ABC NEWS RADIO
MONDAY, 30 MAY 2016
SUBJECT/S: Western Sydney.
MARIUS BENSON, HOST: Jason Clare, good morning.
JASON CLARE, SHADOW MINISTER FOR COMMUNICATIONS, SHADOW MINISTER FOR RESOURCES: Good morning Marius.
BENSON: At the risk of invoking a campaign speech, in Western Sydney, education is what the Prime Minister is talking about today. What do you think about the things that are most on the minds of the voters in that region?
CLARE: It’s jobs, education, health. Whenever you talk to people in Western Sydney, or for that matter anywhere across the country they are the three big things. In Western Sydney, education is always going to be prominent. I am a kid from Cabramatta, in Sydney’s west and the first in my family to finish high school. When I finished high school you could go off and get a job pretty easily. Nowadays, if you don’t finish high school and then go onto TAFE or go onto university, your chances of getting a job are so much harder. That’s why what we are talking about with funding the Gonski program and making sure that more kids finish school is just so important. I think the Liberals never really understood that and still don’t.
BENSON: The Liberal position on education in part is to point out that there has been an increase in education spending without getting an increase in terms of the results from the education system?
CLARE: We have got to boost results; we have got to increase teacher quality but anybody who says that investing money in our schools to do that doesn’t matter really doesn’t understand education. Or hasn’t visited, predominately, the public schools in Western Sydney, where you can see the really big difference between the opportunities that some kids have. Come out to Western Sydney Malcolm, have a look at the public schools while you’re there and you will understand why David Gonski said this is so important.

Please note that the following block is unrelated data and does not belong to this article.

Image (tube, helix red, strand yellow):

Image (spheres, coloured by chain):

BENSON: Labor has pledged to fund the Gonski scheme in full but the criticism again from the Government was that the funding particularly in the years beyond the initial four years was just pie in the sky, that the funds were never there.
CLARE: We’ve got a choice at this election and I think this is the big question people will ask themselves over the next five weeks. The Government has said they’ve got $50 billion that they want to use to give big business a tax cut. Labor said, no, there are more important things to spend that money on, including investing in our schools and protecting Medicare. There is the choice Marius. People if they want can choose to give big business a tax cut or they can invest in our kids and their future. The most important things in this country aren’t the minerals in the ground, it’s what sits between our ears. If we are going to be a successful country and the Prime Minister last night talked about the rise of Asia and the middle class, what are they going to want? They are going to want services and products from Australia that are going to require a highly skilled workforce. Any business out there that you interview will say we need more skilled workers. The key to that is the investment we make in education.
BENSON: Another issue that has played out in Western Sydney, substantially in the last couple of elections, is that of asylum seekers and immigration more broadly. People feel the facilities available to us are under-strained and new arrivals come to these areas and we are the ones that bear the brunt of it. And the spending is not there to meet the needs of new arrivals. We don’t want them. Is that a spirit in Western Sydney?